There were days longing for something I didn’t understand properly. I don’t think I do now as well. I don’t even know what I was searching for – something along the frame of utter senselessness of existing, of being someone or something.
Along the shores of Dar es Salaam, there is a strange ennui. I can feel it in my bones that it is different. Very different than that of Kathmandu. I didn’t know that ennui’s could be different. It all seemed the same. Suffering, that I can understand. It can come in various shape or fervor. I am used to it. I understand it even though I don’t need to. But I have vanities of my own. It is relative. When a group of convicts passed the work site of a Nazi concentration camp, they were envied upon by the Jews. Because they probably had toothbrush, a comfortable bed with mattresses and knew the whereabouts of their family and relatives. They knew who were dead and who were alive. Such is suffering. But ennui, I do not understand. It never ceases to amaze me, the weariness of which comes in different flavors and knowledge. This is a new revelation.
I was subject to some unsavory scrutiny by a stranger yesterday. He judged me based on my voice and the facial features. I don’t know why, but I didn’t like it then I normally should. Not that he adjudicated entirely wrong but he did it so improperly and with a vehemence. I should have been used to it now. But something violent stirred in me too. Perhaps alcohol on an empty stomach. I pacified the passion within me with some instant meditation – a bat was flying over our heads and I tried to catch a glimpse of its features while on flight. I put on a poker face and somewhat took in remarks with some sense of dignity. For most part I managed to ignore but I had to say something to make him think of his flawed ways. And when I was about to commence on this noble act, I suddenly felt that that I’d rather should not. I should give him more confidence my being passive. I should play the long game. I should make him suffer more. He was somewhat full of aversion towards my kind – which he also misjudged. And not trying to correct him would be his punishment. His continuous and mindless hatred, an uneasy soul and mind was my revenge.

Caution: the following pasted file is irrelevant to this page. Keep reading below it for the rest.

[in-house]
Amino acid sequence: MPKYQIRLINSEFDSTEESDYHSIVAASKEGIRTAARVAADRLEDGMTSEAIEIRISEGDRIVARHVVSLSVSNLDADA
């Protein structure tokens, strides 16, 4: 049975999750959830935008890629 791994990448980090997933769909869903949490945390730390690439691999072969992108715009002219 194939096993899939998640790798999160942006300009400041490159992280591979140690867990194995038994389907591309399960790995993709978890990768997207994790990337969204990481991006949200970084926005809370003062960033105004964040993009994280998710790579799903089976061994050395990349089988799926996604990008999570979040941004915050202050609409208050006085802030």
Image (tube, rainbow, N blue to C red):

A rich and mighty Persian once walked in his garden with one of his servants. The servant cried that he had just encountered Death, who had threatened him. He begged his master to give him his fastest horse so that he could make haste and flee to Teheran, which he could reach that same evening. The master consented and the servant galloped off on the horse. On returning to his house the master himself met Death, and questioned him, “Why did you terrify and threaten my servant?” “I did not threaten him; I only showed surprise in still finding him here when I planned to meet him tonight in Teheran, said Death
Freedom is a curse, decried Sartre. I look at the blue horizon where ocean blue meets the sky blue. I am free to do so – to think about my emotions deeply, to translate it into something I could feed off, to listen to it and not act on it, to remain in a perpetual gloom because of misinterpreting it or simply to stare into it without a thought. To interpret Sartre would be too easy to understand him. Because when we writes, everyone understands it differently. So that’s easy. I wouldn’t want to understand him in my own way. But he doesn’t provide an answer too. He’s a thug. He’s a messiah. Who cares. It’s one’s choice to do so, that he agrees too. I think I will stick with Carmona here: “ Once thrown into the world, man is responsible for everything he does…The most priceless possession a person has is his power of choice; it is also life’s greatest shackle”.